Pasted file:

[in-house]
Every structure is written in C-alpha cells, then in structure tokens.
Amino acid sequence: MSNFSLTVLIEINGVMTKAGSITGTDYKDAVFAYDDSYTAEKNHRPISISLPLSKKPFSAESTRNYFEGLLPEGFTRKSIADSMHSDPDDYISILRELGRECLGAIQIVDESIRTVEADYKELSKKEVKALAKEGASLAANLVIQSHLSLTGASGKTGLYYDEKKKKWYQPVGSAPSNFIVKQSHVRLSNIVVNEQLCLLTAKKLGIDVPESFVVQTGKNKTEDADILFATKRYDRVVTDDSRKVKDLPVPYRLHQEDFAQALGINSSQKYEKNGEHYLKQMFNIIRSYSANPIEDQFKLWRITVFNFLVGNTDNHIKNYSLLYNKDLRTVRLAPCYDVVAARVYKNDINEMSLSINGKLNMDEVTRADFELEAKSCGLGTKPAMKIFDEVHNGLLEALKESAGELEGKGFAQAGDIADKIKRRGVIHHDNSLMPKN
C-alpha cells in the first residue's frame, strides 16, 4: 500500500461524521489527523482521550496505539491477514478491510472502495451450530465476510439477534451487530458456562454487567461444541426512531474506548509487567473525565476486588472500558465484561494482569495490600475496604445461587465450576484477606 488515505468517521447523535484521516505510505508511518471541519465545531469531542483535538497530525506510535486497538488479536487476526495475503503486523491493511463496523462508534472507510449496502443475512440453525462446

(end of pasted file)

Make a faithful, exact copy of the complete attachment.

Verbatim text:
[in-house]
Every structure is written in C-alpha cells, then in structure tokens.
Amino acid sequence: MSNFSLTVLIEINGVMTKAGSITGTDYKDAVFAYDDSYTAEKNHRPISISLPLSKKPFSAESTRNYFEGLLPEGFTRKSIADSMHSDPDDYISILRELGRECLGAIQIVDESIRTVEADYKELSKKEVKALAKEGASLAANLVIQSHLSLTGASGKTGLYYDEKKKKWYQPVGSAPSNFIVKQSHVRLSNIVVNEQLCLLTAKKLGIDVPESFVVQTGKNKTEDADILFATKRYDRVVTDDSRKVKDLPVPYRLHQEDFAQALGINSSQKYEKNGEHYLKQMFNIIRSYSANPIEDQFKLWRITVFNFLVGNTDNHIKNYSLLYNKDLRTVRLAPCYDVVAARVYKNDINEMSLSINGKLNMDEVTRADFELEAKSCGLGTKPAMKIFDEVHNGLLEALKESAGELEGKGFAQAGDIADKIKRRGVIHHDNSLMPKN
C-alpha cells in the first residue's frame, strides 16, 4: 500500500461524521489527523482521550496505539491477514478491510472502495451450530465476510439477534451487530458456562454487567461444541426512531474506548509487567473525565476486588472500558465484561494482569495490600475496604445461587465450576484477606 488515505468517521447523535484521516505510505508511518471541519465545531469531542483535538497530525506510535486497538488479536487476526495475503503486523491493511463496523462508534472507510449496502443475512440453525462446